The Googlification of the Classroom
From a public sphere to a corporate sphere?
From blackboard to smartboard and from pen and paper to laptop: new technologies infiltrate our lives and thus infiltrate our education system as well. We welcome these technologies with open arms: doing a group project or presentation with fellow classmates is way easier using Google Docs and Google Slides, right?
In an article by The New York Times, sixth graders at an elementary school know the Google drill and describe their experiences. Looking up from her laptop, an 11-year-old says the essay she is working on explores how schooling in ancient Athens differs from her own. “Back then, they had wooden tablets and they had to take all of their notes on it. Nowadays, we can just do it in Google Docs.” We see here how Google has established itself as a fact in schools. According to Media and Digital Society professor at Utrecht University José van Dijck (in an interview with The Correspondent), there has been a shift in schools from a public sphere to a more corporate sphere. The digital infrastructure is designed on the basis of market principles and not on the basis of ‘public values’, such as privacy, security, and democratic control. Public sectors such as education are increasingly mixed with private systems that pursue other interests.
Schools may thus be giving Google more than they are getting: generations of future customers. According to The New York Times, Google is the latest big contender in a decades-old battle among tech companies to hook students as future customers. “If you get someone on your operating system early, then you get that loyalty early, and potentially for life”. Van Dijck argues the same: the pandemic forced schools and universities to switch to video environments in haste. At Utrecht University, Microsoft’s video service Teams was preferred, since the university had already invested a lot in Microsoft. As a result, they are dependent on what that one system has to offer and they can no longer stop. As you outsource more and more – standards, principles, values – you are less able to determine your own direction. Through Teams’ limited interface, Microsoft determines how teachers should shape their education.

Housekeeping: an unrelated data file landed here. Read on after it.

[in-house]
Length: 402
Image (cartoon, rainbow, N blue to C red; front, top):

The problem is that schools and universities have little choice because there are almost no public alternatives. According to van Dijck, a public sector such as education must be able to run on public services that have been developed on the basis of public values. Could the development and use of digital, public alternatives indeed help the education sector reclaim digital agency? Can the Googlification of the classroom be restricted and can we protect children and youth as digital citizens and consumers?
Connected Digital Europe (CODE) NL-D, is concerned with these questions. CODE NL-D seeks to bring together artists, concerned citizens, politicians, and policymakers to engage in dialogue and critical discussion in the realm of digital agency. Click here to find out more and join the CODE NL-D Symposium on the 26th of June!